Not at all. The Kurdish movement itself has socialist roots. There's no natural "socialist alternative" in Kurdistan outside it. Think of the HDP like a chemical compound - removing even one small element destroys the substance. It's thanks to this complexity that the HDP exists. By including not just Kurdish and Turkish leftists but democrats, libertarians, women, LGBTQ individuals, Arabs, Assyrians, ecologists, Alevis, secular urbanites, religious rural Kurds, renowned professors, and remote towns, the HDP created unprecedented political chemistry. This attracted those seeking new politics. For Kurds, this didn't undermine the HDP - it increased its democratic appeal in the West, too.

- So, who lost influence?

Kurdish groups close to the state and conservatives carved out positions in the AKP, believing they could mediate between Kurds and the regime. The HDP's progressive program and mass appeal dwarfed their influence. The HDP's issues today aren't due to its makeup or paradigm - that's precisely what made it a nationwide third pole.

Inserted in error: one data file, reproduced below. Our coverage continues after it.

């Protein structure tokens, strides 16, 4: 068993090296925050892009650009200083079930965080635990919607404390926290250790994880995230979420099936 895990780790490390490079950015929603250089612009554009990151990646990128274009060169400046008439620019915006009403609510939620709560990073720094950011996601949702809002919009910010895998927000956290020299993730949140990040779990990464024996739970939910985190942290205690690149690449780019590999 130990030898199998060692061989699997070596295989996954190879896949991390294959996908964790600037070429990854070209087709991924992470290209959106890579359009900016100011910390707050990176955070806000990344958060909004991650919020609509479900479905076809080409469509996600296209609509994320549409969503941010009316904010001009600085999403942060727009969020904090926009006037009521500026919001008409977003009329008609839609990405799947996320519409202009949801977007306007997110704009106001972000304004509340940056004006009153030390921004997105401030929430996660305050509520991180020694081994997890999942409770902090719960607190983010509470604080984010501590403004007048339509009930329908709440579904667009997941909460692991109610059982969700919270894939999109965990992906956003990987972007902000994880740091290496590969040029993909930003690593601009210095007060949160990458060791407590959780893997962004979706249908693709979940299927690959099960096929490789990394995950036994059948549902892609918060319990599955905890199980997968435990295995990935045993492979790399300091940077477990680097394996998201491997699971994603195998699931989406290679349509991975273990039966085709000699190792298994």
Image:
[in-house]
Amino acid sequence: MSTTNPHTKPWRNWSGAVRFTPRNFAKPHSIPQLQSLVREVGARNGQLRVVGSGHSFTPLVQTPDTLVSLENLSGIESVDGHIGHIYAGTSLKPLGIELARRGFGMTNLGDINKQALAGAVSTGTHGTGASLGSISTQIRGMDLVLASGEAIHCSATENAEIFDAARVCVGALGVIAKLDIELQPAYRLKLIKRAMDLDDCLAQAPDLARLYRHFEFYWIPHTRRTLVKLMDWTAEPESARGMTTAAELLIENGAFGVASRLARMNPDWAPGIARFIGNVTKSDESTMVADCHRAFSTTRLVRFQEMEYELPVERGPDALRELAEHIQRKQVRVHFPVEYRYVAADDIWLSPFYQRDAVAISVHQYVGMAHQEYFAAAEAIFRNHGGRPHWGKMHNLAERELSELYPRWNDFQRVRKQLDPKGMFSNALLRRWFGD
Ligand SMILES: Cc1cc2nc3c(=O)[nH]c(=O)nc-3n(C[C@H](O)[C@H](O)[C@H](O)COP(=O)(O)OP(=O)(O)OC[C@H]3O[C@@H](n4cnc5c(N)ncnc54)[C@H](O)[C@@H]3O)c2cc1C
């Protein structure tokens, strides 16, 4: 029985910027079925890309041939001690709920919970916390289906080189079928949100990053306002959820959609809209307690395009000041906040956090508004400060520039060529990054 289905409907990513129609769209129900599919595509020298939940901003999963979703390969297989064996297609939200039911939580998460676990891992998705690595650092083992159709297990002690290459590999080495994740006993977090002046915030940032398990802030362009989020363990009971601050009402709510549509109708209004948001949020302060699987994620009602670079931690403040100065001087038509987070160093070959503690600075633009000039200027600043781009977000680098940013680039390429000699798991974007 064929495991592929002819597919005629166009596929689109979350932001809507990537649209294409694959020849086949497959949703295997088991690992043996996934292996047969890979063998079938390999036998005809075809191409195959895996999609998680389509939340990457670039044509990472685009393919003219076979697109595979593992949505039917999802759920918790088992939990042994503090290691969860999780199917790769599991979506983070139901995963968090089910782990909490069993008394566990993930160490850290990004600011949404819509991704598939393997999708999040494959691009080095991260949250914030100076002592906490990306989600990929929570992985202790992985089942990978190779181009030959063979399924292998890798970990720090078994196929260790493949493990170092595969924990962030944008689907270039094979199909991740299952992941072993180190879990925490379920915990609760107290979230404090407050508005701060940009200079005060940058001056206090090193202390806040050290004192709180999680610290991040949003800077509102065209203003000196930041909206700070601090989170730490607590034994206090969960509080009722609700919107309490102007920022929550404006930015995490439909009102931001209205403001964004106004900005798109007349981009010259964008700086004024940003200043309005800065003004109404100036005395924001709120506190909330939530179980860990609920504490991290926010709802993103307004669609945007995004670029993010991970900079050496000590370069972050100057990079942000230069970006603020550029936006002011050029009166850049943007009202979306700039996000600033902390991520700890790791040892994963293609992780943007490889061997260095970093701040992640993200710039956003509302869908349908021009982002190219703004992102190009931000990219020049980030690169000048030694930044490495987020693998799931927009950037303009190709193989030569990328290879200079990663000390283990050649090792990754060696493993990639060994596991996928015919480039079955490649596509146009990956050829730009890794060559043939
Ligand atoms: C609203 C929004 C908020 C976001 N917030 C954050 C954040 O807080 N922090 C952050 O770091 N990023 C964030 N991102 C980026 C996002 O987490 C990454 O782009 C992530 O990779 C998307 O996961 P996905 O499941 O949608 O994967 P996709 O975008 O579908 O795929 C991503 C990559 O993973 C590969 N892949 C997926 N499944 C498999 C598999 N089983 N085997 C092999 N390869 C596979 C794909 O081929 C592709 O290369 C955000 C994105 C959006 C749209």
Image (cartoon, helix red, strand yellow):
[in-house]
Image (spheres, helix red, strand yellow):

- What if Kurds pursue self-determination differently, not through partnership?

Our socialist duty would be to assist Kurds' realization of new preferences, as the Bolsheviks did when parts of Russia seceded. Currently, Kurds back the common struggle, with democrats in HDP and conservatives in AKP. But the right to self-determination is absolute - how it's realized doesn't affect the request itself.

- Some argue the HDP should now lean nationalist and conservative.

It's odd to treat opponents who didn't vote for HDP as having valid opinions. Besides, in the 1920s-30s, Kurds were massacred while attending Friday prayers, with no ideology but Islam. Whether Kurds were religious or Alevi didn't affect the state's colonialist view. To be colonized, Kurds must be convinced their worsening plight is because of those fighting for liberation. One can't resist destruction with defeatism.

- What Kurdish history are you referring to?